Syncing Brainwaves Through the Fourth Wall

Photo: "Quantum Brainwaves" by aLansong! from Flickr. Used under Creative Commons license.

What is actually neurologically involved in communication? What does it take for a speaker to convey something to a listener, and what does it take for that listen to both comprehend what's being said and remember it? In a paper published in August 2010 in the scientific journal Proceedings of the National Academy of Science (PNAS) called (dryly) "Speaker-listener neural coupling underlikes successful communication," three researchers from Princeton University detail an experiment that … [Read more...]

The Value of Arts is Not Going to Be Found in Economics

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This post originally appeared on the National Endowment for the Arts' Facebook page. The true value of art cannot be measured in economics alone. If that were the case, we’d be in trouble. It’s impressive that, per the new NEA research note Time and Money, the cultural industries contribute $70.9 billion to the U.S. annual GDP—but the total U.S. annual GDP is $14 trillion, which basically means the entire cultural sector contributes .51% of the entire GDP in any given year. On any given day, … [Read more...]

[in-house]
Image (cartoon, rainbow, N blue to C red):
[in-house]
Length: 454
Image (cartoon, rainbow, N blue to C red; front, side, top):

How Do We Make People Care (Again)?

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In March, arts advocate Arlene Goldbard spoke at the Association of Performing Arts Service Organizations conference in Austin. Goldbard believes we need to start using a more empowered (and less-numbers-based) vocabulary for arguing for the value of the arts. At one point she noted: “The best argument for arts education is that children today practice endlessly interacting with machines, developing a certain type of cognitive facility. But without the opportunity that arts education affords to … [Read more...]

We Need New Beans to Count

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As an industry, the arts suffers from a value problem. This was thrown into sharp relief for me in an interview I had with an artistic leader from rural Wisconsin, who pointed out, “We’re all bean counters because the people we deal with, what they count is beans.” In almost everything we do to advocate for the arts, we place financial worth front and center, and in so doing we allow, even encourage, the people we’re trying to convince of art’s value to forget that that value is much more than … [Read more...]